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Management Decisions

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Опубликовано на портале: 03-10-2003
Kerstin Pull Management Decisions. 2002.  Vol. 40. No. 7. P. 647-654. 
At a time of intensifying uncertainty, managerial flexibility to adapt to changes in the economic environment is increasingly important. Different business locations, it is frequently argued, offer this flexibility to differing degrees, labor law being one essential factor in determining the resulting attractiveness of a country as a business location. This paper takes an options perspective in order to grasp the potential effect of labor law on location decisions. The option value of an investment, it is argued, is influenced, among other factors, by labor law provisions. Depending on their preference for a certain set of options, different investors will prefer different labor market settings. The ability of the options perspective to assess the role of labor law for the attractiveness of international business locations is exemplified in a British-German comparison and confronted with data on the composition of foreign direct investment in the two countries.
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Опубликовано на портале: 20-04-2003
Bruce E. Kaufman Management Decisions. 2002.  Vol. 40. No. 10. P. 962 - 979.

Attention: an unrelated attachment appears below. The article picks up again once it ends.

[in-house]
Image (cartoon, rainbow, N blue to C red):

This paper surveys the contribution of economics and industrial relations (E/IR) to the development of the field of personnel/human resource management (P/HRM). A brief review of existing accounts of the evolution of the field reveals that they give little mention to the role of E/IR. A re-examination of the early years of P/HRM suggests, however, that this is a serious omission. It is demonstrated, for example, that E/IR was in fact the principal disciplinary base for research and teaching in P/HRM in US universities into the 1940s and that for the first two decades of the field's existence the most influential and authoritative academic-based writers came from the ranks of economists and economics-trained IR scholars. After describing the reasons for this close relationship, The centrifugal forces that caused a gradual split between E/IR and P/HRM are described. This split had roots in the 1920s, became increasingly visible in the 1950s and beyond, and by the late 1980s had reached a point where the two subject areas had little intellectual or organizational interaction. The paper ends with a brief review of recent developments that herald a modest rapprochement between E/IR and P/HRM.